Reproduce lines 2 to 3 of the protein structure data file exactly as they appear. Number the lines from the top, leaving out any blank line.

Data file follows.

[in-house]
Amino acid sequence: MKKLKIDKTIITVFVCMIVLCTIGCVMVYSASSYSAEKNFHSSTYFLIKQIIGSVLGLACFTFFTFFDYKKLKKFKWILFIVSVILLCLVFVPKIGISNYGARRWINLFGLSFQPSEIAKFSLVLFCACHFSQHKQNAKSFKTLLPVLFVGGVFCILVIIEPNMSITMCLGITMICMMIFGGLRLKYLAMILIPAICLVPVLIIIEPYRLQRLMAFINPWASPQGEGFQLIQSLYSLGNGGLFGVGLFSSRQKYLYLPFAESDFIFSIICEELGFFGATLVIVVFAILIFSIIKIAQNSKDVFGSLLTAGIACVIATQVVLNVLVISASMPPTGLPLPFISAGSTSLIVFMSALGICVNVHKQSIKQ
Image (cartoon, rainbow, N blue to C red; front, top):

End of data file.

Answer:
Amino acid sequence: MKKLKIDKTIITVFVCMIVLCTIGCVMVYSASSYSAEKNFHSSTYFLIKQIIGSVLGLACFTFFTFFDYKKLKKFKWILFIVSVILLCLVFVPKIGISNYGARRWINLFGLSFQPSEIAKFSLVLFCACHFSQHKQNAKSFKTLLPVLFVGGVFCILVIIEPNMSITMCLGITMICMMIFGGLRLKYLAMILIPAICLVPVLIIIEPYRLQRLMAFINPWASPQGEGFQLIQSLYSLGNGGLFGVGLFSSRQKYLYLPFAESDFIFSIICEELGFFGATLVIVVFAILIFSIIKIAQNSKDVFGSLLTAGIACVIATQVVLNVLVISASMPPTGLPLPFISAGSTSLIVFMSALGICVNVHKQSIKQ
Image (cartoon, rainbow, N blue to C red; front, top):